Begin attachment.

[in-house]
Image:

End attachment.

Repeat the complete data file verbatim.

[in-house]
Image: